Friday, December 11, 2015
Best Music of 2015
It is time again for my annual "Best Of" edition, featuring the music that I've most enjoyed in 2015. Julie heard from me at least once every week, "It's a terrible year in music." That is not entirely true. There was some outstanding stuff (especially if you are a big fan of rap). However lacking in transcendent LP's (see last year's Lost in the Dream by The War on Drugs), the class of 2015 is altogether a pretty strong class. If you've not yet given a listen to the albums on this list, now is a great time to start. Enjoy!
10. Our Own House by MisterWives--There is no way this album shows up on the list if not for my daughter Sophie. She likes them...a lot. So we listened to MisterWives...a lot. And the thing of it is, this is a pretty wonderful album. Mandy Lee, in addition to having a cool name, can sing. And is it possible to get the chorus to "Reflections" out of your head (and would you want to even if you could)?
9. Why Make Sense? by Hot Chip--These Brits have been around for a long time and they know how to make folksy, techno-influenced dance pop. Turn up "Huarache Lights" really, really loud and thank me later.
8. No No No by Beirut--These psychedelic indie-folkers led by Zach Condon are brilliantly understated. They actually seem to be pretty normal people who happen to make delightful, thoughtful music. The title track is wonderfully simple and you will likely have the whole family singing along.
7. Thank Your Lucky Stars/Depression Cherry by Beach House--I'm including both albums in the list because they were both released in 2015, in fact about two months apart. These are expansive, dreamy pop soundscapes that pull you into a different, not altogether welcome world. Dark and brilliant.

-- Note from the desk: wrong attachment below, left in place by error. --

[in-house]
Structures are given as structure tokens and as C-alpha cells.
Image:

6. Wilder Mind by Mumford & Sons--Okay, so very few people wanted to like this album. Critics lamented, "Where are the banjos? And the upright bass?!!!" Yes, it was different. But here's the thing: Brother Marcus knows how to right catchy, listenable pop-rock music. And, yes, I like it!!!
5. The Helio Sequence by The Helio Sequence--Why are these guys not famous? Keep Your Eyes Ahead was the best album of 2008 that no one ever heard. The duo's eponymous 2015 entry is engaging at every level. It is simple, really: guitar/vocals, drums/loops, alliterative lyrics that actually say something, and melody that resonates.
4. Carrie & Lowell by Sufjan Stevens--Listen once, you become bored. Listen twice, you become depressed. Listen multiple times, you become wise. This is a thrillingly stark, sad album, but the moments of sweetness are profound. I'm not sure any other musician could get away with such vulnerability, and compose such beautiful music as a backdrop. Pretty wonderful and pretty dark: "We're all gonna die..."
3. Star Wars by Wilco--It might be dad rock (and these dudes are getting old), but Wilco can still play. Distortion-heavy guitars, Glenn Kotche's super-bad drumming, and Jeff Tweedy's literate, weird lyrics make for yet another wonderful album and a significant return to form after two general disappointments.
2. B'lieve I'm Goin' Down by Kurt Vile--While no single from the record could match the production of "Jesus Fever" (Smoke Ring for My Halo) or "A Girl Called Alex" (Wakin' on a Pretty Daze), B'lieve showcases a mature singer-songwriter mastering his craft. Vile remains one of the best guitarists out there, too. A brilliant, even funny record.
1. Currents by Tame Impala--There were few times over the course of the summer when this album was not on. Kevin Parker knows how to write, play, and produce wonderfully catchy, trippy, and melodic psych-pop. This album just sounds like summer. A departure from his guitar-heavy freakouts, this is a smooth combination of psychedelia, techno, rock, and pop. I dare say it: this is 21st century disco. And it is very, very good.